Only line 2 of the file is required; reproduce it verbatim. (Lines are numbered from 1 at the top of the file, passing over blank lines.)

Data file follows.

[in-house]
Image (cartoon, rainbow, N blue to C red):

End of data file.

Image (cartoon, rainbow, N blue to C red):